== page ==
Russia has some solid emotions about the planet Venus. Dmitry Rogozin, the head of Roscosmos, Russia’s space organization, talked at the 2020 HeliRussia show and pronounced that Venus is a “Russian planet,” as indicated by the Russian news office TASS.
This comes after the notable declaration on Monday that specialists have spotted likely proof of life high in the billows of Venus. The researchers discovered compound marks of a particle called phosphine, which is just delivered by living things or in places where there’s high warmth and weight. Since Venus isn’t exposed to high warmth or high weight, life may have recently discovered a way.
Scientists have long suspected the caustic clouds coating Venus could harbor life. Unlike the stiflingly hot surface of the planet, its cloud decks are home to relatively Earth-like conditions, with temperatures hovering around 86 degrees Fahrenheit and pressures similar to what we feel at Earth’s surface.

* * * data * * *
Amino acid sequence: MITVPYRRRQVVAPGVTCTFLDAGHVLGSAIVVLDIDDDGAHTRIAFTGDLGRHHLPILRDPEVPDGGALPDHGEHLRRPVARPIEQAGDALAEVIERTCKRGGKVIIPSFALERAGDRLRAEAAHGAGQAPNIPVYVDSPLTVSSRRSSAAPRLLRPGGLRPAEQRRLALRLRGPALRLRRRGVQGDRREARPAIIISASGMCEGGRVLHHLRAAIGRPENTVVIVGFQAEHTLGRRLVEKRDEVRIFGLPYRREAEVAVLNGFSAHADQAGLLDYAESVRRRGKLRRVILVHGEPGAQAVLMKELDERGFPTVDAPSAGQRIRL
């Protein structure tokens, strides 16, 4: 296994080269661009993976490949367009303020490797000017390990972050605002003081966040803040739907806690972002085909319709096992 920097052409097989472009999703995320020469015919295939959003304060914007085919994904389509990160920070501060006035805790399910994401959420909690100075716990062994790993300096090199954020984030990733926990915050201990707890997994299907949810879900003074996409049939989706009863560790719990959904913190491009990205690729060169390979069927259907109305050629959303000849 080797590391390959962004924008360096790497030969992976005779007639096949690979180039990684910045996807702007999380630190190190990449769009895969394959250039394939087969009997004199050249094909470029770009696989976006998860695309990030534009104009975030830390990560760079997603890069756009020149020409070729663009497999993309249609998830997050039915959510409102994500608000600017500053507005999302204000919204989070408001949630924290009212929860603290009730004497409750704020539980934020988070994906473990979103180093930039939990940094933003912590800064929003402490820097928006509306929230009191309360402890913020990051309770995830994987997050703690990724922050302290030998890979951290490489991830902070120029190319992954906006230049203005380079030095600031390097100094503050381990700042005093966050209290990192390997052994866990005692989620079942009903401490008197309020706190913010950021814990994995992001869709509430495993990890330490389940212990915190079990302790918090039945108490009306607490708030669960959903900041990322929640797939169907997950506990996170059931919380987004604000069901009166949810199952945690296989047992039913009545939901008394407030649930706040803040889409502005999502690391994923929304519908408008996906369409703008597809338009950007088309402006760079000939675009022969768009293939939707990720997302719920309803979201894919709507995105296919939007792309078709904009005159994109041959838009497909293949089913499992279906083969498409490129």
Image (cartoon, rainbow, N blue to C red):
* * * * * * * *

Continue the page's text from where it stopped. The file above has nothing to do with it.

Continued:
Russia has a rich history of sending spacecraft to Venus—and has significantly contributed to our knowledge of the strange world—the country can’t claim ownership of the planet just because it was the first to land there. Somewhere in the range of 1967 and 1984, the Soviet Union sent various tests to investigate Venus. Most missions were fruitless, yet a few of these rockets returned significant information about the planet. Venera 7, for example, was the main test to effectively arrive on Venus’ surface. (It passed on not long after.) Venera 9, which dispatched in 1976, snapped the principal pictures of the dusty, forlorn planet. The last Venera missions, 15 and 16, zeroed in on planning segments of the planet’s surface.